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Mead is an alcoholic beverage made by fermenting honey with yeast. It is not a beer, wine, or spirit in the normal sense; it is its own class of alcohol, and many people believe it is the oldest of the alcoholic beverages. This drink has held a pivotal place in many cultures throughout its nearly 8,000 year history, and it is still enjoyed throughout the world.
The first meads were most likely made simply by taking honey and water and letting them ferment with the naturally occurring yeasts found in the honey. Evidence of early versions has been found in Egypt and on the island of Crete, and it was drunk in Greece throughout the Golden Age. In many early cultures, bee goddesses held central roles in the pantheon, and many have postulated that this was because of the intoxicating effects of mead harvested from local bee hives.
There are three main classes of mead, with many variations on each. Traditional meads are made using only honey, water, and yeast. Metheglin is made in the same way as traditional, but has various spices — such as cinnamon or vanilla — added. Melomel mead is similar, but has fruit added as well. Various types of melomel include those with mulberries, known as morat; with pears, known as perry; with apple juice, known as cyser; and with grapes, known as pyment.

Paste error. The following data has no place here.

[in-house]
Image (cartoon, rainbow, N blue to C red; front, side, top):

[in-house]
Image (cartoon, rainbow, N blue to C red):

Mead retained its place of honor as a highly valued drink in many cultures until the introduction of wine. As wine became a mark of wealth and prestige, many lords began turning to it instead. The peasantry continued to enjoy mead, as it could be easily made from ingredients they could get their hands on and didn’t require special storage. Over time, however, beer replaced it in the lives of the commoners, and mead became a drink set aside for special occasions.
Many people trace the English word honeymoon to a practice of fathers to supply their daughters with enough mead to last a month as a dowry. Drinking this beverage throughout the first month of marriage was meant to ensure that the firstborn child would be a male. Other holidays, such as the Yule festivals, also included drinking it as part of the festivities.
Mead is still a regular part of the Ethiopian tradition, where it is known as tej. Ethiopian mead has the bark of a plant called gesho added to it, giving it a somewhat hoppy taste and making it similar to the beer-like mead known as braggot. The Ethiopian variety varies in alcohol content and sweetness, with some being quite potent, and others, such as the variety known as berz, having a low alcohol content.
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